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American Masters
   
Richard Linklater

Richard Linklater—Dream Is Destiny

Sunday, Sept. 3, at 6:30 p.m.
Repeats Monday, Sept. 4, at midnight

Also airs on Fusion on Saturday, Sept. 9, at 9 p.m. and Saturday, Sept. 30, at 7 p.m.

Slacker. Indie filmmaker. Oscar nominee. Writer, director, producer, actor Richard Linklater (b. July 30, 1960) is all these things and more. Boasting a trove of never-before-seen archival footage, this film provides an unconventional look at the fiercely independent style of filmmaking that emerged out of Austin, Texas, in the late 1980s and 1990s with Linklater as its poster boy.

Early writings from Linklater’s journals, telling interviews shot at his home and cinéma vérité footage from the set of “Everybody Wants Some!!” reveal his fearless approach and the extent to which his filmmaking existed, and continues to exist, decidedly outside of the production power bases of Hollywood and New York.

Clips from his most beloved films, including “Slacker,” “Dazed and Confused,” the “Before” trilogy and “Boyhood,” and new interviews with actors and collaborators Matthew McConaughey, Patricia Arquette, Ethan Hawke, Jack Black, Julie Delpy and Kevin Smith, as well as colleagues and friends, demonstrate his collaborative spirit and process.

Visit the AMERICAN MASTERS website.

   

   

Tyrus

Tyrus

Sunday, Sept. 10, at 10:30 p.m.
Repeats Monday, Sept. 11, at 3:30 a.m.

Also airs on Fusion on Friday, Sept. 8, at 9 p.m. and Saturday, Sept. 16, at 7 p.m.

People worldwide have seen the Disney animated classic “Bambi” and been deeply moved by it, but few can tell you the name of the artist behind the film. Even fewer are aware of this pioneering artist’s impact on American art and popular culture.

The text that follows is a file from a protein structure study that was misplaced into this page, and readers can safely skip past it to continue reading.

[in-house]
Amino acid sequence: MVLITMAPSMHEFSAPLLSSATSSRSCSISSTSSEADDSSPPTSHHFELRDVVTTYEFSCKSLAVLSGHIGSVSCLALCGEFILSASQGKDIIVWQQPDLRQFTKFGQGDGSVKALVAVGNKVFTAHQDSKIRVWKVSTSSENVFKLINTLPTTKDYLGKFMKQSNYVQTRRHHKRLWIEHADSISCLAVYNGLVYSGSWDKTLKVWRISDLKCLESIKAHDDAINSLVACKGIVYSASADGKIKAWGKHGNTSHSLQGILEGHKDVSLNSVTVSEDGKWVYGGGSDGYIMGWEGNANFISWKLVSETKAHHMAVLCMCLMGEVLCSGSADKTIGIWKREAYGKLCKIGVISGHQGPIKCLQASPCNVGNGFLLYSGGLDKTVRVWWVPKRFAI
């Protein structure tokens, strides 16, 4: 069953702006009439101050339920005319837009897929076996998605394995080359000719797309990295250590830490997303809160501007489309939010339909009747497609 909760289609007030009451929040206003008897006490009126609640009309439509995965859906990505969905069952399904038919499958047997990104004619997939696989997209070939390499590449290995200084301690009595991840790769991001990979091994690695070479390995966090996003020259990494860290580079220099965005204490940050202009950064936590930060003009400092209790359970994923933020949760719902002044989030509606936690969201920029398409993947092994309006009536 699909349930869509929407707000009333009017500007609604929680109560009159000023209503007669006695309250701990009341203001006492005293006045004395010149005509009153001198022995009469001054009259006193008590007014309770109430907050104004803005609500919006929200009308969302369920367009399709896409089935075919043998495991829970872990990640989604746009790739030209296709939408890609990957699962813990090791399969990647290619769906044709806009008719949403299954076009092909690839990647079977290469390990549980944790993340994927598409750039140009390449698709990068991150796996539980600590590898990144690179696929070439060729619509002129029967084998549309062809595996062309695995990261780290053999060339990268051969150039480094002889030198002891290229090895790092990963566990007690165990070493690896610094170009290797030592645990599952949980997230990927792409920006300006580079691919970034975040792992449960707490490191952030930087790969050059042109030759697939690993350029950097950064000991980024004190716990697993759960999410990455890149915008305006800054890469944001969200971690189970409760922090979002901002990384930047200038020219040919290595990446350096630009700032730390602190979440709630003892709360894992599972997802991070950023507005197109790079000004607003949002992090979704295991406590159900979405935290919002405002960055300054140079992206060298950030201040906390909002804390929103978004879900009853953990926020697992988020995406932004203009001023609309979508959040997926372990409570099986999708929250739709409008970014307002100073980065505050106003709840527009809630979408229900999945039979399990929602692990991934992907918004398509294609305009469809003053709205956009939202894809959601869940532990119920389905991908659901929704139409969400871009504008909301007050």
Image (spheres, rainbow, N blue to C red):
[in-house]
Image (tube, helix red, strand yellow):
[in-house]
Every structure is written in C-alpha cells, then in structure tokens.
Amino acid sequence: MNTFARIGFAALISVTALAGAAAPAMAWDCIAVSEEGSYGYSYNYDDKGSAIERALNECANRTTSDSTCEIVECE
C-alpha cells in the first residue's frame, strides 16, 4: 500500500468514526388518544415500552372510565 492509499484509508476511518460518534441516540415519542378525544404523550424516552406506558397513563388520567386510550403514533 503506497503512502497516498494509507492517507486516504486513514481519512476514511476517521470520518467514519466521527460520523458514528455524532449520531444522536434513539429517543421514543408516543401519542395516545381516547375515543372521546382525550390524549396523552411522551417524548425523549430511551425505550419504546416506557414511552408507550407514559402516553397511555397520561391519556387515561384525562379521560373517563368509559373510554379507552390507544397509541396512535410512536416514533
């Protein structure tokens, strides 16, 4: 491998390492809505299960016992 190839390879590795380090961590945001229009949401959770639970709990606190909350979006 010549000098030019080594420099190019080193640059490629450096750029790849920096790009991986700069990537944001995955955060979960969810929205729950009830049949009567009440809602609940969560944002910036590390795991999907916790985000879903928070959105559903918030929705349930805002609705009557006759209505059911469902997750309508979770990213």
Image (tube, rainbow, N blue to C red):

Until his death at the age of 106, Tyrus Wong (1910-2016) was America’s oldest living Chinese-American artist and one of the last remaining artists from the golden age of Disney animation. The quiet beauty of his Eastern-influenced paintings caught the eye of Walt Disney, who made Wong the inspirational sketch artist for “Bambi.”

Filmmaker Pamela Tom corrects a historical wrong by spotlighting this seminal but heretofore under-credited, figure. Afterward in a new, exclusive interview, Robert Kondo and Dice Tsutsumi, the filmmakers/artists behind the Oscar-nominated animated short “The Dam Keeper” (2014), discuss how Wong influenced them.

Born in Canton (now Guangzhou), China, right before the fall of the Chinese Empire, Wong and his father immigrated to America in 1919, never to see their family again. This film shows how Wong overcame a life of poverty and racism to become a celebrated painter who once exhibited with Picasso and Matisse.

Previously unseen art and interviews with Wong, movie clips and archival footage illustrate how his unique style—melding Chinese calligraphic and landscape influences with contemporary Western art—is found in everything from Disney animation and live-action Hollywood studio films to Hallmark Christmas cards, kites and hand-painted California dinnerware to fine art and Depression-era Works Progress Administration (WPA) paintings.

Visit the AMERICAN MASTERS website.

   

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